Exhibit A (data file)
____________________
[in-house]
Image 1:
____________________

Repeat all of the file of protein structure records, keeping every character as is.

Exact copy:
[in-house]
Image 1: